"Patients who have had any other type of cancer, such as men who have a history of prostate or lung cancer, and women with cervical or breast cancer, also can be excluded," McCall says.
So it’s crucial to carefully examine the inclusion/exclusion criteria and estimate based on these how narrow or broad the potential recruitment pool might be.
"If you don’t enroll, you lose money, so you have to enroll," he says. "You realize every site has the same issues, so the sponsor has to expect low recruitment numbers, and I’ll open a trial if I think I can enroll even three subjects."
On rare occasions, the research site might even take a trial in which only one patient could be enrolled, he adds.
• Learn to handle the negotiators.
McCall recommends returning the sponsor’s budget with changes highlighted in red, letting them know that the site manager is happy to discuss the changes. It’s important to return budget changes in a professional manner, using an Excel spreadsheet so the sponsor will see that the site manager knows what he or she is doing.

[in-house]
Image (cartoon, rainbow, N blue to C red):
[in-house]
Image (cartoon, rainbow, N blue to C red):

"They can tell whether you have been doing this a long time by the way you return the budget," McCall says.
Sponsors sometimes contract with clinical research organizations (CROs) to negotiate contracts and budgets. Research site managers might assume that the CRO has financial incentives to negotiate low budgets, so they should understand how to handle these negotiations, McCall says.
"The CRO always will tell you, The sponsor’s limit is this amount,’" he says. "And I say, What I need you to do is submit the budget as I wrote it to the sponsor because when I submitted this budget it was conservative, and it’s my bottom line.’"
Typically, things will work out once the site’s budget is sent to the sponsor, he adds.
"You have to be willing to speak directly and not be nervous about it," McCall advises. "This is a business deal, just like buying a car; you tell them what you need, and you don’t get emotional; just be polite and professional."
Sponsors and CROs sometimes try to appeal to a researcher’s benevolence, asking the clinical trial site to take on a study that might cost more than its budget for the sake of helping their patients. This is an erroneous assumption because no clinical trial can guarantee a personal benefit to subjects, McCall says.